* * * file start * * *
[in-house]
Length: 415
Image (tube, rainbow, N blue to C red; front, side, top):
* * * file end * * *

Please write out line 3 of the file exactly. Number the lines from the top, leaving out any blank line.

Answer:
Image (tube, rainbow, N blue to C red; front, side, top):